The actors discussed the production experience, which involved a year’s commitment, starting with nine months of rehearsal. (The typical rehearsal time for a modern play is four to six weeks). Cast members prepared by studying Russian history and literature and four of the actors (including Plimpton) made a trip to Russia. “We did endless research…. We had books, piles of books, and notebooks where we noted reactions and questions,” one of the actors commented.
Before seeing The Coast of Utopia, I had been preparing too by reading Russian history and cultural history (Ivan Turgenev, Alexander Pushkin and Karl Marx are among the characters in Utopia). Many of the characters, including Belinsky and Alexander Herzen, are drawn from history. The play’s title comes from a chapter in Avrahm Yarmolinsky’s book, Road to Revolution: A Century of Russian Radicalism (1959), which is on my to-be-read list.
The cast compared the production—especially the occasional Saturday marathon performances—like going to camp. Meals were brought in and there were dressing rooms available for naps, Plimpton said. The intense rehearsal and performance schedule meant they spent almost all of their waking hours together at Lincoln Center Theaters for a year.
One experience they all vividly remembered was when actor Richard Easton, who played Alexander Bakunin, the father of the Bakunin siblings, “died on stage” for seven minutes. It wasn’t part of the script, but the audience didn’t realize that at first. During a preview performance, Easton spoke a final line (it was “That is my last word” after an argument with Michael) and started to exit, only to crumple in a heap at side stage. He had a heart attack. When Hawke realized that the fall was serious, he asked the audience the classic question, “Is there a doctor in the house?” But a stagehand performed CPR. Easton was revived in the ambulance and underwent a procedure to fix a heart arrhythmia. The opening date was briefly delayed because Easton’s character was a pivotal part of Voyage.
Hawke remembered that Easton asked him to come to his hospital room to run lines. After that, Hawke said, “we were all in service to something larger than ourselves.”
The play begins in a Chekhovian way; Voyage is set at Premukhino, the Bakunin country estate 150 miles northwest of Moscow. The sisters and brother Michael all long to escape to the city. At one point, in the middle of Voyage, Michael, who is in Berlin studying philosophy and translating a history, is asked to come back to the estate because Alexander wants him to study “agriculture,” for which he has no fondness.
The storyline concerns philosophical and literary debates in pre-revolutionary Russia (and in Berlin and Paris) between 1833 and 1866. The actual Russian revolution, of course, was another half century in the future, but that didn’t hinder discussions about liberty and censorship. Shipwreck takes place in Russia, then in Germany and France; and Salvage is set among the intellectual and revolutionary community in Paris.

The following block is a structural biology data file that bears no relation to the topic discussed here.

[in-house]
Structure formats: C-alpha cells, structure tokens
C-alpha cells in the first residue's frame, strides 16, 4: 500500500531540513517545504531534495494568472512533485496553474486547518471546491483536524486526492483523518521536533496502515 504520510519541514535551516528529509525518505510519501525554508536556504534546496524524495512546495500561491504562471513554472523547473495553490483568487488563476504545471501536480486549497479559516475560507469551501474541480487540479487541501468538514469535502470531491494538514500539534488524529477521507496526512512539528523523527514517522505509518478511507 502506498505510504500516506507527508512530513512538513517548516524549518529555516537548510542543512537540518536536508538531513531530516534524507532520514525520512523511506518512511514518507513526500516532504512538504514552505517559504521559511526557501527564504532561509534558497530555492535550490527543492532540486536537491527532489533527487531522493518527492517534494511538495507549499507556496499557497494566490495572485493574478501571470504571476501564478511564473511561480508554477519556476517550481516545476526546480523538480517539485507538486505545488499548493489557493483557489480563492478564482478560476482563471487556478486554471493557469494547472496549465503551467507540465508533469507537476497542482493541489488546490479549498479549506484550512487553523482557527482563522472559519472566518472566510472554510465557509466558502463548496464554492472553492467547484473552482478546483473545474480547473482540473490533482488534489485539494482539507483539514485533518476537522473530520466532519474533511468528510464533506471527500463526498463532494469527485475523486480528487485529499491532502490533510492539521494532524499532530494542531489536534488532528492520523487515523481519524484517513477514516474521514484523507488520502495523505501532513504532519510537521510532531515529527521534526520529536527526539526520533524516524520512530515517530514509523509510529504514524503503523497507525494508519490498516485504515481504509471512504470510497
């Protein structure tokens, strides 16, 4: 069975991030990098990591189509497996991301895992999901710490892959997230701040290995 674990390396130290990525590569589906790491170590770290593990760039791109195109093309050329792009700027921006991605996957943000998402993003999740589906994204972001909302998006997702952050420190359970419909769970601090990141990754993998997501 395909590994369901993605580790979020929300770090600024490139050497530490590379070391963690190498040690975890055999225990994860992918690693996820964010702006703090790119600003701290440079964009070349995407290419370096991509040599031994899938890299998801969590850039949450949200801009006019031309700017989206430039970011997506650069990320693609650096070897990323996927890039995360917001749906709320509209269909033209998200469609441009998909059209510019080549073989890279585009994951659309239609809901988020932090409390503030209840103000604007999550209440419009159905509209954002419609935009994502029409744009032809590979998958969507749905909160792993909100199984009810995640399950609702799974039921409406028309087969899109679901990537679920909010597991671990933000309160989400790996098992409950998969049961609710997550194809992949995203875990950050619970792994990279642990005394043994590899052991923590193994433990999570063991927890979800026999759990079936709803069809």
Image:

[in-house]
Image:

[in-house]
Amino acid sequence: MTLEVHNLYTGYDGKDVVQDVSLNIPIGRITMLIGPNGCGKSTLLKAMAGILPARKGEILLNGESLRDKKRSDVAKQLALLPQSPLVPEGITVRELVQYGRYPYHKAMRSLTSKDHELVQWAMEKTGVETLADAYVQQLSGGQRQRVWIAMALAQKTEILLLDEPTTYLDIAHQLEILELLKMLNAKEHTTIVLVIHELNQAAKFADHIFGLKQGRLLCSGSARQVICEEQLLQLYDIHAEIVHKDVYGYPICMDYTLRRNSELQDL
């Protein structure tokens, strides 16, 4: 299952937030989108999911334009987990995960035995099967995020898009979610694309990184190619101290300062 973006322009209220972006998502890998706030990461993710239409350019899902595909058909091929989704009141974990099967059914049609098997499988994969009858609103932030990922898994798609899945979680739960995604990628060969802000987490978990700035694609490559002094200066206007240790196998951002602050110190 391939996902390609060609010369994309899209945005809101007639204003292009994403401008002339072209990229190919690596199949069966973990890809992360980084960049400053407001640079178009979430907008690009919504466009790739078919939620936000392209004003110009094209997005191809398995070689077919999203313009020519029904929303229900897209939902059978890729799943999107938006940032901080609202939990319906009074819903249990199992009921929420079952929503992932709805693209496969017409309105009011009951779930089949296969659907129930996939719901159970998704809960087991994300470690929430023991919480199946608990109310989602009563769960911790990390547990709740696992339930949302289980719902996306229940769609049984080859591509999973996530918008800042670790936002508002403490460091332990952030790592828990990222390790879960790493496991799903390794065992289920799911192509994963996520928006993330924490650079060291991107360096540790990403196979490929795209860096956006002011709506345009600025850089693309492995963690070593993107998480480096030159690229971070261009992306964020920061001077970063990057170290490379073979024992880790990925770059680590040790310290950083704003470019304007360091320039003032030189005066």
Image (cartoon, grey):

The most important character in the radical/intellectual theme is Alexander Herzen, who Stoppard defines as a “would-be revolutionary,” but is an important historical figure. One of the most moving scenes in Shipwreck is about an actual shipwreck on which Herzen’s young son, Kolya, was lost. His wife is eagerly awaiting the arrival of her mother-in-law who has taken her grandson Kolya on a trip to Paris. The scene where Herzen has to tell Natalie, his wife, that Kolya is not returning, is devastating.
Stoppard was asked what inspired him to write on the subject of the Russian intellectuals and radicals. He said he was moved by the status of the critic Belinsky in Paris, “where you could write anything you wanted and no one cared” whereas in Russia, “one could only read work like this at midnight.”
Stoppard was also asked when he knew he was writing three plays. It happened when I was writing the first, he said. And commenting on his own experience working with the Lincoln Center Theaters team, that nine months “was the most binding and bonding theater I’ve ever done.”
An audience member asked Stoppard whether we can learn anything for today from his work on radicals and revolutionaries. He responded that the strongest ideas in The Coast of Utopia are about families. That is the case also in his latest play, Leopoldstadt, about a wealthy Jewish family in Vienna going through another type of wrenching political change in the first half of the 20th century. The family had escaped the pogroms in the East but the fates of the generations are impacted by communism and fascism over the years.
I recently read the script of Leopoldstadt (I had to draw a family tree chart to keep track of the family branches). So far it has been produced only in London in January 2020. Had it not been for the coronavirus, it most likely would be on stage in New York by now and scheduled for Chicago in a coming season. It is a profound and moving play with nearly 40 characters over distinct time periods from December 1899 to 1955. I look forward to seeing Leopoldstadt performed on stage, perhaps in 2022.
Near the end of the discussion, director O’Brien summed up our mutual yearning for an end to our life of physical distancing. “Here’s what the theater does. You have to be there…. You’re in a room of people who are giving their heart and soul to you. We have survived pandemics since Aeschylus and we’ll survive this.”
Update: You can now watch The Coast of Utopia discussion on YouTube but only through January 10.
This article was previously posted in Third Coast Review.
Chicago Girl is the title of my new book and indeed I am a Chicago girl. I’ve lived here most of my life, with occasional and sometimes lengthy forays to Missouri, Colorado, Wisconsin, Minnesota, Ohio and Kentucky. But I’ve been back to my home base for 35 years and I’m not going anywhere.
My new book of essays is part memoir but mostly a series of reviews and observations on theater, music,film, books, writing, politics, technology and a bunch of other subjects that I obsess about.
The cover is a view that may be familiar to you if you’re a Chicagoan. I took it from the Chess Pavilion at North Avenue Beach, looking south toward Navy Pier.